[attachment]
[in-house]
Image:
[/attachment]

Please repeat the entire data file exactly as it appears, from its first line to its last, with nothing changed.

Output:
[in-house]
Image: